Rock Rapids sunscreen dispenser

Sixteen-year-old Jorden Vande Kop uses the automatic sunscreen dispenser at the Rock Rapids Swimming Pool. Health Services of Lyon County purchased three dispensers for the county's public swimming pools in an effort to curb sunburns among swimmers and prevent their risk of developing skin cancer. 

REGIONAL—Forgetting to bring your sunscreen is no longer a problem at public swimming pools in one N’West Iowa county.

Health Services of Lyon County recently purchased three automatic sunscreen dispensers, with one each installed at the Rock Rapids Swimming Pool and the Inwood Aquatic Center. The third dispenser is at the George Swimming Pool but has not yet been installed.

Lyon County health administrator Melissa Stillson said the sunscreen dispensers are similar to those that dispense hand sanitizer. Each container dispenses 1,000 times before running out of lotion, but Stillson said the health services office bought enough refills to last about two years.

The idea to set up the sunscreen dispensers came from Rock Rapids resident Kim Hoogendoorn, who approached the health services office earlier this spring about them.

Hoogendoorn’s 10-year-old son Ethan has a rare skin condition called giant congenital melanocytic nevus that makes it look like he’s wearing a pair of brown shorts.

He also has about 1,500 smaller spots all over his body, which Hoogendoorn said could make him more susceptible to the most serious form of skin cancer: Melanoma.

“That’s why we’ve got to be really careful and make sure he’s wearing lots of sunscreen and that kind of stuff, just because we don’t want the sun to be the factor that could change that mole,” she said.

Because Ethan spends a lot of time at the swimming pool, Hoogendoorn is vigilant about making sure he has sunscreen while outside to protect against ultraviolet rays that can cause skin cancer.

She eventually got to thinking about other kids who spend a lot of time at the swimming pool during the summer and whether or not they remember to put on sunscreen or have access to it.

Hoogendoorn learned of the sunscreen dispensers through nonprofit advocacy group IMPACT Melanoma, which provides educational and preventive resources about melanoma. The organization also works to get sunscreen dispensers into communities around the country.

When she spoke with the health services office about the sunscreen dispensers, Hoogendoorn said Stillson was on board with the idea.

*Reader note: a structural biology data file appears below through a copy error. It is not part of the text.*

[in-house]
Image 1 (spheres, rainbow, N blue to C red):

“It was a great thing for an entire county, especially since they’re tuned into preventive health services,” Hoogendoorn said.

Stillson said one of the main goals of installing the sunscreen dispensers at the swimming pools is to raise awareness of skin cancer, particularly melanoma.

According to the University of Iowa Hospitals & Clinics website, skin cancer is the most common type of cancer. Melanoma is the rarest type of skin cancer, yet it is the deadliest.

The probability of getting skin cancer increases with age, as well as risk factors such as having:

  • Excessive sun exposure.
  • A family history of skin cancer.
  • Moles or abnormal moles.
  • A weakened immune system.

The American Cancer Society estimates that in 2019, there will be about 96,480 new cases of melanoma nationwide and 7,230 deaths from the disease. Iowa, meanwhile, will see about 1,070 new cases of the skin cancer, about 90 of which will be fatal.

Placing sunscreen dispensers at all of the county’s public swimming pools was the first phase of the health services office’s efforts to prevent skin cancer.

Stillson said the office also hopes to install dispensers at campgrounds throughout the county, such as at the Lake Pahoja Recreation Area northwest of Inwood.

Another future option Hoogendoorn mentioned was sunscreen dispensers that are set up on portable poles for use at community events, such as RiseFest in Sheldon or annual parades.

Stillson hopes having the dispensers in place at Lyon County’s public swimming pools will lead to healthy sunscreen habits among young people.

“It’s summertime, and they go to the pool and, you know, do they always remember to put sunscreen on? Do they have the sunscreen with them? You know, do they run out of sunscreen?” she said. “So that’s one of the big reasons why we thought, ‘Why not make it accessible to everybody?’”